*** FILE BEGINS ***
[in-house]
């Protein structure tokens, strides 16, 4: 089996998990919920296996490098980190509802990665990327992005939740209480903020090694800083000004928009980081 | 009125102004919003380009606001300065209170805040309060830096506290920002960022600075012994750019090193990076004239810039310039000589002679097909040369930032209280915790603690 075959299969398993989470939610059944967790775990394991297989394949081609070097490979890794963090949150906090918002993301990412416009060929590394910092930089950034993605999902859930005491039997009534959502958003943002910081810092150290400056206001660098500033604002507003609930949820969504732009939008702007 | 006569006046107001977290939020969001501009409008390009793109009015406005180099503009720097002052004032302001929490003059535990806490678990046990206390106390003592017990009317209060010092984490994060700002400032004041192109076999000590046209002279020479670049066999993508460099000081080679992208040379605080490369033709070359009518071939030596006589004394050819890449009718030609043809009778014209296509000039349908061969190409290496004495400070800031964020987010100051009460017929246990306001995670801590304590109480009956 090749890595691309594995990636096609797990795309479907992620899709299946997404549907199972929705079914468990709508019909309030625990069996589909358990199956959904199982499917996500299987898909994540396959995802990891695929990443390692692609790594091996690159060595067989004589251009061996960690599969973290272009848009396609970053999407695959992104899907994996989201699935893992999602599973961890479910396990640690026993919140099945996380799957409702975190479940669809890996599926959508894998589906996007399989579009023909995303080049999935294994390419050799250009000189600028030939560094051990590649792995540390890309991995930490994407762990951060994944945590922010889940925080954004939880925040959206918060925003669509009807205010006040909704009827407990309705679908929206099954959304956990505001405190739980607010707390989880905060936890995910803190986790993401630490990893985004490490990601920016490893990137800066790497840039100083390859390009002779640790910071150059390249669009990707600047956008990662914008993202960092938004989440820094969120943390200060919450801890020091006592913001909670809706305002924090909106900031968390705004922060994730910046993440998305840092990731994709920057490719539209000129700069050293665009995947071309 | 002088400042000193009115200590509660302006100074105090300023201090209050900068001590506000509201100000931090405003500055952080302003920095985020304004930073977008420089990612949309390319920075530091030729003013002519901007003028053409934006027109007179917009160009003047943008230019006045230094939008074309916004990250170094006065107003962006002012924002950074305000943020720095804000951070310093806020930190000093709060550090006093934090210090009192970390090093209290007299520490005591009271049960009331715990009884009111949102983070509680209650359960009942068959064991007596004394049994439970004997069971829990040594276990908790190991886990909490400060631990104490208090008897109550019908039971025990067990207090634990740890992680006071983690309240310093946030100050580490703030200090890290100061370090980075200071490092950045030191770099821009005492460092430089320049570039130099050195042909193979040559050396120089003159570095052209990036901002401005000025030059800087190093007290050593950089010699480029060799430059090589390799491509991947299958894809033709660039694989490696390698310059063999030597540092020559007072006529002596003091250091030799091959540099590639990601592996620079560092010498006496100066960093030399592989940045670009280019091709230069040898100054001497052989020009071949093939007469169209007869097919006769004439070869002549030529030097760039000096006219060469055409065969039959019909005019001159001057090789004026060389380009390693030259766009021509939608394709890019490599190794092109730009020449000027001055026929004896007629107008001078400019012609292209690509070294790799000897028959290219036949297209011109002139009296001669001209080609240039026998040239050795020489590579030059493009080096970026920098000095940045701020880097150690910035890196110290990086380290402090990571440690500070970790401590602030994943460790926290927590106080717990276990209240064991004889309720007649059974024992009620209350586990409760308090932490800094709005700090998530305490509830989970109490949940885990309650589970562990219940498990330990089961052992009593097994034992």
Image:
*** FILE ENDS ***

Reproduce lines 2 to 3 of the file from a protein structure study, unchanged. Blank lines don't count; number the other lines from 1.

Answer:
């Protein structure tokens, strides 16, 4: 089996998990919920296996490098980190509802990665990327992005939740209480903020090694800083000004928009980081 | 009125102004919003380009606001300065209170805040309060830096506290920002960022600075012994750019090193990076004239810039310039000589002679097909040369930032209280915790603690 075959299969398993989470939610059944967790775990394991297989394949081609070097490979890794963090949150906090918002993301990412416009060929590394910092930089950034993605999902859930005491039997009534959502958003943002910081810092150290400056206001660098500033604002507003609930949820969504732009939008702007 | 006569006046107001977290939020969001501009409008390009793109009015406005180099503009720097002052004032302001929490003059535990806490678990046990206390106390003592017990009317209060010092984490994060700002400032004041192109076999000590046209002279020479670049066999993508460099000081080679992208040379605080490369033709070359009518071939030596006589004394050819890449009718030609043809009778014209296509000039349908061969190409290496004495400070800031964020987010100051009460017929246990306001995670801590304590109480009956 090749890595691309594995990636096609797990795309479907992620899709299946997404549907199972929705079914468990709508019909309030625990069996589909358990199956959904199982499917996500299987898909994540396959995802990891695929990443390692692609790594091996690159060595067989004589251009061996960690599969973290272009848009396609970053999407695959992104899907994996989201699935893992999602599973961890479910396990640690026993919140099945996380799957409702975190479940669809890996599926959508894998589906996007399989579009023909995303080049999935294994390419050799250009000189600028030939560094051990590649792995540390890309991995930490994407762990951060994944945590922010889940925080954004939880925040959206918060925003669509009807205010006040909704009827407990309705679908929206099954959304956990505001405190739980607010707390989880905060936890995910803190986790993401630490990893985004490490990601920016490893990137800066790497840039100083390859390009002779640790910071150059390249669009990707600047956008990662914008993202960092938004989440820094969120943390200060919450801890020091006592913001909670809706305002924090909106900031968390705004922060994730910046993440998305840092990731994709920057490719539209000129700069050293665009995947071309 | 002088400042000193009115200590509660302006100074105090300023201090209050900068001590506000509201100000931090405003500055952080302003920095985020304004930073977008420089990612949309390319920075530091030729003013002519901007003028053409934006027109007179917009160009003047943008230019006045230094939008074309916004990250170094006065107003962006002012924002950074305000943020720095804000951070310093806020930190000093709060550090006093934090210090009192970390090093209290007299520490005591009271049960009331715990009884009111949102983070509680209650359960009942068959064991007596004394049994439970004997069971829990040594276990908790190991886990909490400060631990104490208090008897109550019908039971025990067990207090634990740890992680006071983690309240310093946030100050580490703030200090890290100061370090980075200071490092950045030191770099821009005492460092430089320049570039130099050195042909193979040559050396120089003159570095052209990036901002401005000025030059800087190093007290050593950089010699480029060799430059090589390799491509991947299958894809033709660039694989490696390698310059063999030597540092020559007072006529002596003091250091030799091959540099590639990601592996620079560092010498006496100066960093030399592989940045670009280019091709230069040898100054001497052989020009071949093939007469169209007869097919006769004439070869002549030529030097760039000096006219060469055409065969039959019909005019001159001057090789004026060389380009390693030259766009021509939608394709890019490599190794092109730009020449000027001055026929004896007629107008001078400019012609292209690509070294790799000897028959290219036949297209011109002139009296001669001209080609240039026998040239050795020489590579030059493009080096970026920098000095940045701020880097150690910035890196110290990086380290402090990571440690500070970790401590602030994943460790926290927590106080717990276990209240064991004889309720007649059974024992009620209350586990409760308090932490800094709005700090998530305490509830989970109490949940885990309650589970562990219940498990330990089961052992009593097994034992």
Image: